[Image courtesy of boldnebraska]
Yale Law School’s Heather Gerken has a new paper examining the right to vote in federal elections, and while she’s in favor of the change in principle, she worries about what it would look like in practice – especially legal practice – and so she concludes it likely isn’t “worth the candle.”
Here’s what she said on Rick Hasen’s Election Law Blog yesterday:
The DNC Executive Committee has just endorsed the idea that we should amend the Constitution to add a right to vote. I’m entirely in favor of a constitutional right to vote. But I’m against amending the Constitution to add it. There are excellent scholars and organizations in favor of amendment, including Jaimie Raskin, Alex Keyssar, the Advancement Project, and FairVote. But I remain skeptical and have a new paper explaining why I fear that the amendment game is not worth the candle.
There are two stages for ensuring a robust right to vote: (1) amending the Constitution, and (2) enforcing that amendment. As to the first stage, if an amendment enshrining the right to vote looks anything like its cognates in the Constitution, it will be thinly described, maddeningly vague, and pushed forward by self-interested politicians. If the amendment takes this form, the benefits reformers and academics assert we’ll reap are anything but automatic. Once a vague guarantee is embedded in the Constitution (Stage 1), reformers will still have to turn to legislators and courts to get something done (Stage 2).
Making the text more concrete may make Stage 2 easier, but it will complicate efforts to pass the amendment in the first place. After all, if it were easy to enfranchise former felons or block voter ID rules or guarantee a well-administered election system or end partisan gerrymandering, we would presumably have done it already. It’s possible, of course, that reformers could aim for something more than vague language, either by writing their aims explicitly into the text or creating an amendment history so robust that everyone understands what the right embodies. On this view, reformers would build a big tent of supporters by linking the amendment to lots of different reforms.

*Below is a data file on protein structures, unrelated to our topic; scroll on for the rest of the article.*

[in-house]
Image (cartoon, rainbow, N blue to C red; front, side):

The problem with this strategy is that it will also generate a big tent on the other side. Push for felon enfranchisement, and you’ll run up against the tough-on-crime lobby. Tempt progressives with a ban on voter ID and lose the support of many Republicans. Promise to end gerrymandering and lose the support of most incumbents. That’s why a vague textual guarantee is so tempting an option in Stage 1, even if it creates more work for Stage 2.
If I had a magic wand, I’d wave it in order to add the right to vote to the Constitution. As I noted in my paper, there are lots of reasons to value it. But magic wands are in short supply, as are the political resources needed to pass an amendment. Given the challenges involved in getting it passed and, more importantly, robustly enforced, it makes more sense to pour those resources into more discrete reform projects going forward.
Heather’s paper is an excellent – and very readable – look at an important issue. I agree with her that a constitutional right to vote is attractive in the abstract but deeply problematic once you begin to sketch out (let alone fill in) the details.
Thanks again to Heather – that rare law professor who makes things clearer! – for making such an important issue accessible to everyone in the field. I’m adding it to my short list of “things you should read” for anyone interested in the big issue in the field of election administration.